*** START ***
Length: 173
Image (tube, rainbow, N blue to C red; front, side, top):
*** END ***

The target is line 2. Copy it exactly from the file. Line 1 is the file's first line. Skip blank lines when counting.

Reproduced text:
Image (tube, rainbow, N blue to C red; front, side, top):